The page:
Meaning: to have a lisp
Literal Translation: to have a hair on the tongue
Here’s a couple of examples of this expression being used in context:
Mes amis se moquent de moi parce que j’ai un cheveu sur la langue.
My friends make fun of me because I have a lisp.
Comme elle a un petit cheveu sur la langue, elle a quelquefois du mal à se faire comprendre.
Since she has a bit of a lisp, she sometimes has difficulty making herself understood.
Although this idiom is slightly informal, it isn’t cruel or offensive.
As well as this expression, you might also come across the informal (but not offensive) words le zozotement (“lisp”) and zozoter (“to lisp”, “to speak with a lisp”).
If you do want to talk about a lisp without this informality though, you can use zézayer (“to lisp”, “to speak with a lisp”) or le zézaiement (“lisp”).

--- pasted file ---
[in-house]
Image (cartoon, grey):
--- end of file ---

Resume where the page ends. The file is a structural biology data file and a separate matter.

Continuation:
Avoir un cheveu sur la langue is just one of a practically endless number of French idioms. If you’re interested in learning more, then check out my recently published Kindle e-book The Little Book of French Idioms, which introduces you to well over 100 common idioms. Each of these expressions is given with its meaning, literal translation, and – unlike a lot of other similar books – an example of how to use it in context.